Starting off with your body in the right form will set you up for smooth sending, even if you come up a little short to start. Before stepping up to bigger jumps and gaps, take on tabletops that offer low consequences if you case it, and are easy to roll for getting used to the transition. These tips will help you keep your form dialed once you’re ready for lift-off.
1. Stay neutral
When you’re rolling into a jump keep your body in a neutral position with elbows and knees bent and your center of gravity in the middle of your bike. Keep your eyes up, focusing on the takeoff.
2. Follow the lip
As you roll into the transition, pump your body with the lip and follow its trajectory, keeping equal pressure on the front and rear end of your bike so you don’t get bucked backward.
3. Spot your landing
Once you’re in the air, bring your bike up into your body, and keep your eyes focused on where you want to touch down.
4. Stomp it
Let your legs and arms absorb some of the impact when you touch down, and roll on into the next jump when you’re ready.
There’s a risk to reward ratio hidden somewhere in dirt jumping. The amount of risk you encounter will have a lot to do with your patience, and what happens to be available at your local dirt jumps. Taking time to really hone skills and give your muscles the repetition they need to get to know movements before stepping up will greatly reduce the risk factor. If your dirt jump park has a mulch pit, take advantage of it as a lower-consequence way to progress when you want to start going bigger.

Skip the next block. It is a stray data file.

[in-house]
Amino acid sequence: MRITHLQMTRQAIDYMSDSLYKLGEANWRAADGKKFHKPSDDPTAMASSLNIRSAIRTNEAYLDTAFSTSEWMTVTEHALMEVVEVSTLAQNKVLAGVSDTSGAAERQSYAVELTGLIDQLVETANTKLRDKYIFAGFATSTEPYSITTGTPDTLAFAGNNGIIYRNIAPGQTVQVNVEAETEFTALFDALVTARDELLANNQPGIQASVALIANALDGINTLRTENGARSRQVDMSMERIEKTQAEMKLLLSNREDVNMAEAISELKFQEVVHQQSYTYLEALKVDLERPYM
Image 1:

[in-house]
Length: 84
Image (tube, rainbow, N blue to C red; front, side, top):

When you’re ready to move to a bigger jump line try not to build it up too much in your mind. At the end of the day, it’s just another jump. It’s the same movement you’ve been working on, just a little bit faster. Stay loose and mobile in the air and you’ll master bigger jumps in no time.
Riding dirt jumps is intrinsically fun and gives you a clear perspective on your progress on the bike. It not only improves your physical bike handling but also alters your perspective as you read the trail and different features. Take on pump tracks and jump lines alike, dial-in skills, and when you’re ready, head to the trail and find a whole new playground ahead of you as your mind starts seeing doubles in rollers, and roots as new launching pads.
Did we miss your favorite tip? Drop it in the comments section below!
About the Author: Trek